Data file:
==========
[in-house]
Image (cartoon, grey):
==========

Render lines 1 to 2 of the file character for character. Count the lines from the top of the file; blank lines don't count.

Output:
[in-house]
Image (cartoon, grey):